I'm reading the bio of Steve Jobs.
Love him or hate him, the co-founder of Apple Inc. knew how to build a company and brand it.
Ford Motor Co. leaders ought to take a lesson from Jobs and apply it to Lincoln.
Ford wants to reinvigorate its remaining luxury brand and has created what it calls a "luxury-oriented boutique agency" to handle Lincoln exclusively.
The new agency will be in New York, headed by Cameron McNaughton. McNaughton is an auto industry veteran who has been an adviser to a range of brands. He previously headed his own consulting firm.
McNaughton has his work cut out for him. Lincoln's sales through November are nearly flat with last year at 77,240. Sales at Mercedes-Benz, BMW and Lexus are more than double that amount. Cadillac is way ahead, too.
And Lincoln has an identity crisis. It's not a rebellious sport luxury brand such as Cadillac nor is it branded as refinement as is Lexus. At best, Lincoln is merely competent luxury.
And that's just not enough. It needs more emotion.
McNaughton should look at the most memorable commercials by strong brands such as Apple. The spots promote an idea that evokes emotion rather than pushing specifics about products.
An example: Apple's infamous and unforgettable 1984 commercial launching the Macintosh personal computer. The spot played off George Orwell's novel 1984 about pervasive government surveillance and public mind-control. The spot didn't say much about the specifics of the Mac computer. But it sure defined the Apple brand as an ideal for freethinkers and rebels.
In 1997, Jobs again promoted the spirit of the company more so than the products in the pipeline.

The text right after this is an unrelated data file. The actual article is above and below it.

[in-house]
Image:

Jobs burnished Apple's identity with the "Think Different" campaign, which he partly wrote.
Here's a shortened version of the text: "Here's to the crazy ones. The rebels. The troublemakers. The ones who see things differently. While some may see them as the crazy ones, we see genius. Because the people who are crazy enough to think they can change the world, are the ones who do."
I get goose bumps even now reading it. Now that's a company with products I want to buy. And if I can feel that way about a computer, imagine how I'd feel behind the wheel of a car if the branding for the car is that powerful?
A vehicle is often an extension of how we see ourselves. So please don't show me a car racing down a highway or cruising through a city at night. Boring.
Give me something to think about that will evoke an emotional reaction.
If Lincoln is going to keep the loyalists and attract new customers, its leaders should study Steve Jobs. He knew how to attach emotion to products.
Jobs brought us two of the most innovative and successful companies of the latter 20th century: Apple and Pixar Animation Studios.
It's amazing to build one great company in a lifetime, let alone two.